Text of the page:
There’s also a multiplayer mode in the game, with the standard Ranked, Casual and Fight-a-Friend modes. The netcode for the fights is solid, and I had no hiccups playing whatsoever. However, there is one thing I want to mention. The game needs users to sign up for their service to play online. It took me around 3 hours, connecting with the devs on discord, trying to fix it, to no avail. While this may be necessary to implement crossplay, it can be a bit annoying to have this happen at all. But, credit where it’s due, the devs tried their best to help me (even without knowing whether I was a reviewer), so props for that. Not everyone cares about random members of the community these days; this was a breath of fresh air.

Visuals, Performance, and Sound

The visuals of the game are crisp, clear and captivating. From the main-menu avatar of the character to the characters in fights, the effects of the specials, they are all crystal and make the game a joy to play. The fighting animations are nothing short of Street Fighter levels of finesse, and perfectly complement the game’s art style.

The performance of the game was top class as well. Being unity-driven, I didn’t expect anything less, but the game delivers. Solid 60fps, maxed out detail level. It also worked at a full 768p on my age-old laptop, so great work on the optimization.

[toggles behavior=”toggle”] [toggle title=”Minimum requirements”]

Requires a 64-bit processor and operating system

OS: Windows 7+

Processor: Intel Core i5-4302Y @ 1.6GHz, Celeron G1840 @ 2.8 GHz / AMD Athlon II X3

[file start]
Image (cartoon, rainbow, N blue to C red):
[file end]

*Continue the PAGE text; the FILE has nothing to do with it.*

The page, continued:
Memory: 4 GB RAM

Graphics: GeForce GT 555M, 9800 GTX / Radeon R7, HD 8500

DirectX: Version 11

Storage: 6 GB available space[/toggle] [toggle title=”Recommended Requirements”]

Requires a 64-bit processor and operating system

OS: Windows 7+

Processor: Intel Core i5-5200U @ 2.20GHz, Celeron G3920 @ 2.90GHz / AMD Athlon II X4 645

Memory: 8 GB RAM

Graphics: GeForce GTX 960, Radeon R9 280X

DirectX: Version 9.0c

Network: Broadband Internet connection

Storage: 2 GB available space[/toggle] [toggle title=”Review Specs”]OS: 64-bit Windows 10

Processor: AMD Ryzen 5 1600

Memory: 16 GB RAM

Graphics: NVIDIA GeForce 1060

DirectX: Version 11[/toggle] [/toggles]

The soundtrack. It’s VERY good. It’s kinda repetitive in the menu and feels loopy, but it’s calming and fun. The fighting music is subtle and is unique for each of the 10 characters. I would definitely consider purchasing the soundtrack to this game, it’s that enjoyable. Apart from the music, the sound design for the rest of the game is spot on as well, from the hit sounds to the special move sounds to the voice acting in the tutorial and narration, it’s all very high quality.


Fantasy Strike sets out to simplify the fighting genre and succeeds with flying colors. Whether you’re a fan of the fighting genre or are a new player waiting to get in, this is one game you should definitely try out. With innovative fighting mechanics coupled with solid visuals and sound design, it presents a fleshed-out, polished fighting experience. However, its distinct lack of story mode and the ₹700 price tag might make it slightly out of reach for the standard Indian gamer, but the hours of fun that can be had in the game make up for the price tag. Recommended.